Published: 03/01/2023 By ECAPSterling failed to gather strength on the final trading day of 2022, and investors found very little to cheer for in 2023 as the myriad of headwinds look set to continue. Many analysts have said that the cost-of-living crisis has been far worse than any year in the pandemic or the financial crisis, and fully expect this year to be the same. Further weighing on the UK economy, and in turn the Pound, is a fourth straight month of declining house prices. This reflects the longest run of slumping prices since 2008. Market analysts are fearing that house prices could continue to plummet as much as 10% over the next two years. Sterling seems unlikely to muster much strength amidst the maelstrom of headwinds keeping it under pressure as prolonged industrial action and downbeat economic forecasts could limit any gains.
European shares extended their run this morning as investors await consumer prices data from Germany, the region's largest economy, for clues about inflation in the euro zone. Investors are focussed on Germany's CPI data that could offer more cues on whether cost pressures in the euro zone have weakened after the European Central Bank's aggressive monetary policy tightening path. For now, German consumer prices, harmonised to compare with other European Union countries, are expected to have risen by 10.7% on the year in December in the preliminary reading, compared to an 11.3% increase in November. Ultimately, although the euro area economy is heading for a recession, concerns about gas supply over the winter have eased, meaning a downturn may not be as bad as feared a few months ago.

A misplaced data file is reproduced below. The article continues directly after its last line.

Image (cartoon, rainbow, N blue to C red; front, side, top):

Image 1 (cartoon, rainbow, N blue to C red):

The US Dollar continues its hot streak as it starts the year with a positive push. The dollar edged up yesterday, pulling away from recent six-month lows against a basket of major currencies. However, sentiment remained fragile and the first trading day of the year was subdued, with many countries, including big trading centres such as Britain and Japan, closed for a holiday. Nevertheless, market participants will be looking ahead to a busy week of economic data and the release of the U.S. Federal Reserve’s latest meeting minutes. Today’s attention will be looking towards the S&P Global manufacturing PMI and construction spending, JOLTS data, as well as the minutes of the Fed’s latest policy meeting. Later in the week, ADP nonfarm employment and December’s nonfarm payrolls report will also be closely watched.